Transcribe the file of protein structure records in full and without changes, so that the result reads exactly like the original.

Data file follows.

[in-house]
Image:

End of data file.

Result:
[in-house]
Image: